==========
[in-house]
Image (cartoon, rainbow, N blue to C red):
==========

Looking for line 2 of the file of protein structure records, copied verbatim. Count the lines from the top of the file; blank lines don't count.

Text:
Image (cartoon, rainbow, N blue to C red):